Here's where things started properly breaking down for me. I like my games to at least make basic sense. You can come up with some of the most ludicrous stuff but as long as there's some modicum of explanation, I'll be alright with it. Lost Planet 3
requires some pretty serious suspension of disbelief, and as the game went on I found things more and more ridiculous.
First premise: Jim is there to earn money to support his family back home on earth. That's fine. But how is he to earn said money? Why by collecting the blood of the Akrid, the species that inhabit the ice planet, because this blood happens to contain some mystical thing called Thermal Energy.
No further explanation, just blow the crap out of everything and collect the glowing blood left behind. Oh, and all this is done in the medium of an over-the-shoulder third-person shooter that somehow manages to be one of the most boring experiences I've had in a life of video gaming that goes back nearly three decades.
Now, this isn't to say that LP3
is bad. It's not bad at all, in fact it's a perfectly serviceable game. Everything seems to work fine, graphically it's alright...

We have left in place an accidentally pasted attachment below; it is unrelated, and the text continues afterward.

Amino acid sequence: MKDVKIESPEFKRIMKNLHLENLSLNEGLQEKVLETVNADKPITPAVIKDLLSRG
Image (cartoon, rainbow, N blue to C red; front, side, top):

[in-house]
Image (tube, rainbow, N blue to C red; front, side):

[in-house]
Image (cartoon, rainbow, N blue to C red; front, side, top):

It's just really, really boring. It feels like there is literally nothing new in there that hasn't been done before, albeit with a glittering cover of ice and snow all over the place. Wandering about completing mini-mission after mini-mission triggers countless achievements which I suppose is meant to give you a sense of progression, but it felt to me like I never got the chance to do anything meaty.
That's also down to the near constant loading screens. You're merrily playing away, shooting the gunk out of yet another pulsating alien sphincter thing, when you move into a new area.
Immediately you're taken out of the game for a five to ten second loading screen before being allowed to continue on your way - and at this late stage of the console cycle, that's pretty fucking unforgivable, especially on a title that's exclusive to the system. Countless other games manage to make things smoothly transition between areas, and not doing so is an annoyance.